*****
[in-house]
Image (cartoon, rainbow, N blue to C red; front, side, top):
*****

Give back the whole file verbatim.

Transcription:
[in-house]
Image (cartoon, rainbow, N blue to C red; front, side, top):